What is a stroke

A stroke or cerebrovascular accident (CVA) results from an interruption of the blood supply to part of the brain. This can be caused by a blocked or burst blood vessel. Without a rich blood supply and oxygen, the brain cells can become irreversibly damaged.

There are two main types of stroke, ischemic and haemorrhagic:

About 80% of strokes are ischemic and result from a clot or blockage forming in the blood vessel, causing a lack of oxygen to the brain cells. The clot can occur at the site of the blockage, or it can travel from other blood vessels in the body and become lodged in the arteries that supply the brain.

These result from blood vessels in and around the brain rupturing and causing bleeding in the surrounding areas. This causes a build up of pressure which damages the delicate tissues. The disruption of the blood supply also results in the cells in the surrounding areas being starved of oxygen.

Transient Ischemic Attacks (TIA) are often known as mini strokes. These are brief episodes where some brain function is temporarily lost due to short disruption of the blood supply. Symptoms, such as limb weakness, last less than 24 hours as the cells in the brain have not been permanently damaged.


The effects of stroke are determined by the type of stroke, area of the brain affected and the extent of the damage to the brain tissue. The brain is an incredibly complex organ, with each area having the responsibility for a specific function or ability.

Although every individual is different, some of the common effects of stroke are:

–          Reduced mobility

–          Muscle weakness (usually on one side)

–          Increased tone or spasticity

–          Decreased sensation

–          Decreased balance and coordination

–          Difficulty with swallowing

–          Speech and language difficulties

–          Difficulties with spatial and perceptual abilities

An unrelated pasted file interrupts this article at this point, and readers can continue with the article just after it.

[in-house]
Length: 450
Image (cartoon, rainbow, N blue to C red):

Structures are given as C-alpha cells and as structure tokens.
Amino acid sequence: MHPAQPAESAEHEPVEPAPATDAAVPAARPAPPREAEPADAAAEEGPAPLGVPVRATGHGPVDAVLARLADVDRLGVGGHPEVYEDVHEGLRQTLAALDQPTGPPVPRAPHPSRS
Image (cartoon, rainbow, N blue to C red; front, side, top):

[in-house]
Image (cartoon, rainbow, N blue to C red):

–          Changes in behaviour, such as becoming more impulsive

–          Memory difficulties

–          Incontinence

–          Fatigue

–          Mood changes

 Stroke physiotherapy

At Hooley and Tuke Rehabilitation our specialist physiotherapists will complete a detailed assessment identifying problems and goals. We aim to maximise recovery following a stroke using a variety of different treatment techniques to address common problems such as muscle weakness, decreased mobility and reduced hand function. Our physiotherapists are able to offer stroke physiotherapy encompassing both traditional treatment approaches (Bobath / Normal movement and Movement Science) and the use of innovative technology such as functional electrical stimulation, SaeboFlex and SaeboReach to maximise your recovery post stroke.  

We also offer in conjunction with the Stroke Association in Suffolk two exercise classes for people who have had a stroke one based in Haverhill and the other in Great Barton. Following an individualised assessment the classes offer an opportunity to access a stroke specific exercise class. Please see HTFitness for further information.

If you would like to discuss how we may be able to help you further or to arrange an appointment, please contact us.

01223 655653


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